Flashback Fridays: It is not often that someone comes along who is a true friend and a good writer. . .

You’re a pig born the runt of the litter, only saved from an early death by the love of a farm girl.  As you grow up you discover a very dark fate lies in store for you as a pig, but then you make a most extraordinary friend who vows to prevent that fate.

Do you remember: 

Charlotte’s Web by E. B. White, illustrated by Garth Williams (HarperCollins, c1952)

When people talk about the top middle-grade fiction books of all time, this one often makes the cut.  Many times it lands towards the very top of that list.  And that hasn’t really changed over sixty years.  This seemingly simple fantasy story of a pig on a farm and a spider who becomes his friend is still one of the most masterful stories ever written.  My mother read it to me when I was seven years old.  I’m currently reading it to my six-year-old son and marveling at the story all over again.  As a children’s librarian you wind up reading a lot of books and it’s sometimes easy to acknowledge how something is a “classic” and “great writing” while forgetting just how good it actually is.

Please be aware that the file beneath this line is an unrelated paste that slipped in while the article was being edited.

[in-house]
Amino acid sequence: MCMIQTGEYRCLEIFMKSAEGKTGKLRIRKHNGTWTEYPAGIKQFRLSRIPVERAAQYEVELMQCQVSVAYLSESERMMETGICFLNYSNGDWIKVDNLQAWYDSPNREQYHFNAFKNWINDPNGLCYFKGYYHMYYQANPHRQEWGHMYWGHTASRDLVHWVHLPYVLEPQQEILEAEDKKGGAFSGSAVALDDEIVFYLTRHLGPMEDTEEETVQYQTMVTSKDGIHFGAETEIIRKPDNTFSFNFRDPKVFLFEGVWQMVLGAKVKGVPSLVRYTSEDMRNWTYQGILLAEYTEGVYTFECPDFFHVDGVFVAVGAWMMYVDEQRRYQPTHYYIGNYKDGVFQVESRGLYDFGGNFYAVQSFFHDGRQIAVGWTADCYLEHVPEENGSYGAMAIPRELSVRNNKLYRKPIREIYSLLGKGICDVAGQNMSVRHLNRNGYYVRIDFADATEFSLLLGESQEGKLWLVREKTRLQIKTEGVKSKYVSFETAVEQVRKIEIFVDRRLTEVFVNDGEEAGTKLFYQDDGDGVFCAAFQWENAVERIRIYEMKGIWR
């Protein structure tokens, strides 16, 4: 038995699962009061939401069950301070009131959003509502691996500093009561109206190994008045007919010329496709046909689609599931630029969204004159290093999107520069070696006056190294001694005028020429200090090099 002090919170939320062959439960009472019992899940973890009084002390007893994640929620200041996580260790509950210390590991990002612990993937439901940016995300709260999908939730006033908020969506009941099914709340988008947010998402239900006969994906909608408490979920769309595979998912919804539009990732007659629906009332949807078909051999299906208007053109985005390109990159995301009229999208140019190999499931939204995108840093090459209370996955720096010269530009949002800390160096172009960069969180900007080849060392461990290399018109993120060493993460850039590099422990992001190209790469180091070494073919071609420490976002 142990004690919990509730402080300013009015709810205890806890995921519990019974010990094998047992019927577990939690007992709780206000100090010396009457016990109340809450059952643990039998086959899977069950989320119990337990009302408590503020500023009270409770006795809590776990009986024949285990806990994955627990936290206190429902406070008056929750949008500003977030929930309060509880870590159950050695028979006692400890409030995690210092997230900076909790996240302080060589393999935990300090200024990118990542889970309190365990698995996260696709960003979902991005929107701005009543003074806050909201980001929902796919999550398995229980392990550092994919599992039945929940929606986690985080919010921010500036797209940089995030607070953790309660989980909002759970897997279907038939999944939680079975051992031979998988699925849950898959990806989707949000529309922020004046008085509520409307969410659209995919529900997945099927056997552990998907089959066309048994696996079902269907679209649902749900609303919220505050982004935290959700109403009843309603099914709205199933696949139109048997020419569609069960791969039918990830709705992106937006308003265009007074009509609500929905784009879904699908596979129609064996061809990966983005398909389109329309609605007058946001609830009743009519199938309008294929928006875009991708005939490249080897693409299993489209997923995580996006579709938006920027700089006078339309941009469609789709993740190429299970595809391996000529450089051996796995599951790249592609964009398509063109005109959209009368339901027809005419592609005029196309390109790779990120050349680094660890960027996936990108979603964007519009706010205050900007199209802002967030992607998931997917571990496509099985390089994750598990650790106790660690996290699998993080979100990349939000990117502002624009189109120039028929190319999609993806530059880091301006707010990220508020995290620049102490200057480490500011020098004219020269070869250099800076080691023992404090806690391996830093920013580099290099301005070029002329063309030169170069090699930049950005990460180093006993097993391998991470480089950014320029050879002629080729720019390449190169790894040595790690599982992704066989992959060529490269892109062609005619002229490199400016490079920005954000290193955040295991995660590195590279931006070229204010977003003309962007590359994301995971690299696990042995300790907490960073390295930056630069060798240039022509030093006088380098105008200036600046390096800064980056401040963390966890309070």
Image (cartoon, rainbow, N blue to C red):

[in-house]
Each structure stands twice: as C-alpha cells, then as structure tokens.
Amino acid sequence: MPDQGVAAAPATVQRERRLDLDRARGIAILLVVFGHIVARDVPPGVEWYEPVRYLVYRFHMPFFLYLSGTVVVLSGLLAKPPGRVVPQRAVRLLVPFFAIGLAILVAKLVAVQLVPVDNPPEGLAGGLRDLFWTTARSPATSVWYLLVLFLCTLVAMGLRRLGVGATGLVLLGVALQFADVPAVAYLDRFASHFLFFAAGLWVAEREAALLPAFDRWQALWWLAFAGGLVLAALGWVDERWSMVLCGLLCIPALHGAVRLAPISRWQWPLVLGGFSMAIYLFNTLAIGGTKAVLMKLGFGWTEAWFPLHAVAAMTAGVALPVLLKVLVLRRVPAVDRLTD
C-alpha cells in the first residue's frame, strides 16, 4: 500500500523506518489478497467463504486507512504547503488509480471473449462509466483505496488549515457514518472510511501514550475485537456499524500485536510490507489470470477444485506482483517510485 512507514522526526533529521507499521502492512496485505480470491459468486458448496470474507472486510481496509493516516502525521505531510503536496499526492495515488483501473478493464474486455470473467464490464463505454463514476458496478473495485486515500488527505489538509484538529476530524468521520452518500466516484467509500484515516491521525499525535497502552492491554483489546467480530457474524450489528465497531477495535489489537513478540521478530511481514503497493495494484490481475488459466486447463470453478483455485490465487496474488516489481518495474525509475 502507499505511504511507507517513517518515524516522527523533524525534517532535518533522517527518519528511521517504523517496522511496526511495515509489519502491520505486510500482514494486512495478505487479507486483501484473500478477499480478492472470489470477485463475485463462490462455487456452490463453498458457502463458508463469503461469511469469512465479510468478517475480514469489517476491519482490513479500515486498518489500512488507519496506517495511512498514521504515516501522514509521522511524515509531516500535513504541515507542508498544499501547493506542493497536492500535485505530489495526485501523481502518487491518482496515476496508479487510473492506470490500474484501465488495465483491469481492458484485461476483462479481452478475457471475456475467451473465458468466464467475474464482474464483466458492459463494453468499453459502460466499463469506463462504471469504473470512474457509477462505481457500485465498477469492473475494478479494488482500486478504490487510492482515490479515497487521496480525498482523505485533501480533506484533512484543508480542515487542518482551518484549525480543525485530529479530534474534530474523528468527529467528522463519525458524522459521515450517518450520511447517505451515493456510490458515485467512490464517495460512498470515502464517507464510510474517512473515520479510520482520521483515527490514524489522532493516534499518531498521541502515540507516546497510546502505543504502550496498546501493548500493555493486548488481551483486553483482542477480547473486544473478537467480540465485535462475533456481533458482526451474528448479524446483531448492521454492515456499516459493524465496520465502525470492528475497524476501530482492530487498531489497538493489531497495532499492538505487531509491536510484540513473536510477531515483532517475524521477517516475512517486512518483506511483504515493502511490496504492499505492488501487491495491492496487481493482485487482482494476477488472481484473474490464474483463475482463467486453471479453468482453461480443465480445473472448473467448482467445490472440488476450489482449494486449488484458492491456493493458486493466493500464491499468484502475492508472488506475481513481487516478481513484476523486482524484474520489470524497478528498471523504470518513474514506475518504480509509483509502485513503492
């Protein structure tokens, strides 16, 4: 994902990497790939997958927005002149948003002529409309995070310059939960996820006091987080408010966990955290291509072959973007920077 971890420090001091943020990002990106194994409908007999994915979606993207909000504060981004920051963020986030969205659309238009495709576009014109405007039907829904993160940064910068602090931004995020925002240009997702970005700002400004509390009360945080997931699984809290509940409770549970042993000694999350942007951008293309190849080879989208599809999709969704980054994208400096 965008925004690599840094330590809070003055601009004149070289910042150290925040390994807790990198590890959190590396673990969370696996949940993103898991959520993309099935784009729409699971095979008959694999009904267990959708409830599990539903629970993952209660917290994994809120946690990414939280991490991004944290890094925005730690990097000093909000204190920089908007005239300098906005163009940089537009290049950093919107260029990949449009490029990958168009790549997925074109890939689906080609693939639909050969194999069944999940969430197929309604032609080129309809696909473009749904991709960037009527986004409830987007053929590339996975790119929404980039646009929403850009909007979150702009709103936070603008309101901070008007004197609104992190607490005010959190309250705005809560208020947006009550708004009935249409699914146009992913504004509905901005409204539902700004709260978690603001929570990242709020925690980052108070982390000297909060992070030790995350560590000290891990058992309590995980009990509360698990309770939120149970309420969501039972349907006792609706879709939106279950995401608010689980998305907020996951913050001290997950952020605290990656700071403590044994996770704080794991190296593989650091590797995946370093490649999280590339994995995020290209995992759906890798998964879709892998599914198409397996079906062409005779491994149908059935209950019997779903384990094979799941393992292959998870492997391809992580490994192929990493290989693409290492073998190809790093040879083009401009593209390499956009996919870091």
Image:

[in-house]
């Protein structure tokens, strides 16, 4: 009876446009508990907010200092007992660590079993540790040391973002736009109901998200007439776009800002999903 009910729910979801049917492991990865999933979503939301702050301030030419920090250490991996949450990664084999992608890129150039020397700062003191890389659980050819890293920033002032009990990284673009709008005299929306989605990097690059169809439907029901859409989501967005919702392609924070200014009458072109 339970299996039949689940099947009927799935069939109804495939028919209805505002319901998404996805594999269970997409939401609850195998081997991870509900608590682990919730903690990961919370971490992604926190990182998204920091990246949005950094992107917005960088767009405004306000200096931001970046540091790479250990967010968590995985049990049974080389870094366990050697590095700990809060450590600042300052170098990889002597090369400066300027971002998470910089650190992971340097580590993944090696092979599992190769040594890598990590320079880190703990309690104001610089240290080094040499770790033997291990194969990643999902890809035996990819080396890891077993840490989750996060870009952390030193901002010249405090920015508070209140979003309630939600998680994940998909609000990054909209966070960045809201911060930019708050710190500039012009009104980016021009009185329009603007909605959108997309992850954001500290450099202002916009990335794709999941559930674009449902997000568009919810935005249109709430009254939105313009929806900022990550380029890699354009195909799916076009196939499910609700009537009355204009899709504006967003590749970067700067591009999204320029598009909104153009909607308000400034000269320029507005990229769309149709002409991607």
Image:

If you haven’t read this book (why haven’t you?)  the story follows the life of a runty pig named Wilbur who discovers that his idyllic life on the farm will end when the farmer decides to slaughter him.  His friend, a spider named Charlotte, decides she will not let that fate come to pass and devises a plan to see that Wilbur will be spared.  And if you doubt one spider can do much, you haven’t met Charlotte.   This is a work of fantasy (talking animals and writing spiders kind of guarantee that) but it’s not a work of magic or other worlds.  E.B. White keeps readers very firmly grounded in the real world of a rural farm, full of all the sounds, smells and activities that come with it.  And perhaps its that realism that makes the fantastic in this story work so powerfully for so many.